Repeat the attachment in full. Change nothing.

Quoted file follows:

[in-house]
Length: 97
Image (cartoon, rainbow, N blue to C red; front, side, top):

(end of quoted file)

[in-house]
Length: 97
Image (cartoon, rainbow, N blue to C red; front, side, top):